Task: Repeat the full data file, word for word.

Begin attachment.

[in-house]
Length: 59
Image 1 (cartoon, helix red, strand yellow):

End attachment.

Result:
[in-house]
Length: 59
Image 1 (cartoon, helix red, strand yellow):